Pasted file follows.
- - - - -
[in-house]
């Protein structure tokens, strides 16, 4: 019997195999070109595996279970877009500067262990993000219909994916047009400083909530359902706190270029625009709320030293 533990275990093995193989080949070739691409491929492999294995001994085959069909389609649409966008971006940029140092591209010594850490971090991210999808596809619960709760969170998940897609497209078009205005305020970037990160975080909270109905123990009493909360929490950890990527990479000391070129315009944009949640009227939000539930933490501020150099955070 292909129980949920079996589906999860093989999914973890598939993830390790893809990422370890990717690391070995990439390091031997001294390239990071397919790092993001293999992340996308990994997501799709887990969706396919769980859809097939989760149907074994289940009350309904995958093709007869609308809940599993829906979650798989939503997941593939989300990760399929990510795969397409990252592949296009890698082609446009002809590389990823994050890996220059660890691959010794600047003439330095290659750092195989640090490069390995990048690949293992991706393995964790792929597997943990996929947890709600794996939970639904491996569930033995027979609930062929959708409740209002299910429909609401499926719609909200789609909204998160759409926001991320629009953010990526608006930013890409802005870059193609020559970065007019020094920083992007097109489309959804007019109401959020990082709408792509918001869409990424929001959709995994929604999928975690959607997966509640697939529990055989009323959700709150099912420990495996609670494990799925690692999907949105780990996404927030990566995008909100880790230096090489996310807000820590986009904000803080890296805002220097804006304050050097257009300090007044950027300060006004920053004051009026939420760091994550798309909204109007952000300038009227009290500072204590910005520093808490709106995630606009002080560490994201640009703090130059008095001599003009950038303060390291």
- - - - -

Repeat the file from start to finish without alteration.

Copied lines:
[in-house]
């Protein structure tokens, strides 16, 4: 019997195999070109595996279970877009500067262990993000219909994916047009400083909530359902706190270029625009709320030293 533990275990093995193989080949070739691409491929492999294995001994085959069909389609649409966008971006940029140092591209010594850490971090991210999808596809619960709760969170998940897609497209078009205005305020970037990160975080909270109905123990009493909360929490950890990527990479000391070129315009944009949640009227939000539930933490501020150099955070 292909129980949920079996589906999860093989999914973890598939993830390790893809990422370890990717690391070995990439390091031997001294390239990071397919790092993001293999992340996308990994997501799709887990969706396919769980859809097939989760149907074994289940009350309904995958093709007869609308809940599993829906979650798989939503997941593939989300990760399929990510795969397409990252592949296009890698082609446009002809590389990823994050890996220059660890691959010794600047003439330095290659750092195989640090490069390995990048690949293992991706393995964790792929597997943990996929947890709600794996939970639904491996569930033995027979609930062929959708409740209002299910429909609401499926719609909200789609909204998160759409926001991320629009953010990526608006930013890409802005870059193609020559970065007019020094920083992007097109489309959804007019109401959020990082709408792509918001869409990424929001959709995994929604999928975690959607997966509640697939529990055989009323959700709150099912420990495996609670494990799925690692999907949105780990996404927030990566995008909100880790230096090489996310807000820590986009904000803080890296805002220097804006304050050097257009300090007044950027300060006004920053004051009026939420760091994550798309909204109007952000300038009227009290500072204590910005520093808490709106995630606009002080560490994201640009703090130059008095001599003009950038303060390291």